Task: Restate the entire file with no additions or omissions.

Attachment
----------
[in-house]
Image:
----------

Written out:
[in-house]
Image: